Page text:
While unemployment rates in the Ontario Cree communities is high and often it is difficult to find local job training, the Youth Entrepreneurship Program at the John R. Delaney Youth Centre is offering a new solution.
Starting for the first time in the 11 Ontario Mushkegowuk Cree communities in early July, the centre will offer a three-part program to youth between 16 and 29 that can be done at the centre in Moose Factory or remotely in other communities.
Affectionately known as the YEP I Can program, courses are being offered once a week to accommodate those with young families or who are already in the workforce. This program is being funded by the Trillium Futures Foundation and by the Ministry of Economic Development and Trade so it is free of charge for those looking to start a new career or make more money on top of their regular income.
Students within Moose Factory will be able to attend the class offered at the centre using computers available on site or online via webinars or web seminars remotely. Those attending the course online will also have access to the webinars 24/7 provided they have access to a laptop, a headset and an internet connection. Because the program is interactive, those outside of Moose Factory will also be able to ask questions and receive online support through the program trainer.
“It’s hands-on by involving participants in their own businesses right away rather than having them regurgitate facts, theories and jargon from a textbook,” said program trainer and coordinator Brian Hendrick.
The program that Hendrick is using was designed by Tulshi Sen Consulting and has been used by other First Nations across Canada with positive results. The idea behind it is to train those without previous experience to set up a web-based import business to sell the products of their choosing through websites that they develop themselves, learn to market and create business plans for.
Though the full three-part program runs for over one year, the first part runs eight weeks and is geared to giving the students an understanding of the framework of any small business through building their own online business.
Upon completion of the first part, students will be invited to embark on the second part of the program, a 10-week course where they learn to develop a business plan.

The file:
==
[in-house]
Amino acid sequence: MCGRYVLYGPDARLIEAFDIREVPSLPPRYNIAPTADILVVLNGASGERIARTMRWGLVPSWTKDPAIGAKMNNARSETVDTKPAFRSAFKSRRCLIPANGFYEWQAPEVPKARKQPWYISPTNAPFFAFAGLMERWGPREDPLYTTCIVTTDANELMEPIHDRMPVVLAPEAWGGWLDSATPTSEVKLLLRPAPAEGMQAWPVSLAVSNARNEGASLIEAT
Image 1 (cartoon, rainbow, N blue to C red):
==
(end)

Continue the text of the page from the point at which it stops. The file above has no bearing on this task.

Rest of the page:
“At this point, students will be doing research and planning to either revisit their original business plan idea or further develop an online business that they already have some experience with. After research and planning they will do a proper business plan to be able to access available and future venture start-up money by presenting their business plan,” said Hendrick.
During this second phase, students will also receive support from their trainer and a network of local entrepreneurs and Elders that Hendrick will assemble over the coming months. They will also learn how to build their own websites, develop communication skills, improve their core business skills as well as have the opportunity to learn basic accounting and how to use programs such as Quickbooks and Excel.
The third portion of the program is designed to give ongoing support to those who launch their online business through the program and help the new entrepreneurs maintain these businesses.
Participants in Moose Factory will have the opportunity at this point to move into one of the five offices that will be made available for them through the program to run their business. Once their businesses are off the ground, creating solid revenue for the new entrepreneur, they will be asked to pay a modest percentage of their profits to the centre to help support the facility. Since these businesses are designed to be run remotely, many of the entrepreneurs will not need the office space.
Students are not required to do the entire program however. Those wanting to learn only the online import entrepreneur aspect offered during the first portion can do so, and this is called the Silver Program. Those who go all the way will complete the Gold Program.
“The beauty of this program is that it is going to help young people to believe and have the vision that they can do something. Because of the magic of the internet, they are going to be able to go across the street and across the globe – they will be able to tap into actual global markets without feeling limited,” said Hendrick.
For more info: www.yepican.com